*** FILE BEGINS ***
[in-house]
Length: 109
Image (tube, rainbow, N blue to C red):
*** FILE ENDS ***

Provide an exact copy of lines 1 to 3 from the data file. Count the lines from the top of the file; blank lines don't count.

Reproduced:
[in-house]
Length: 109
Image (tube, rainbow, N blue to C red):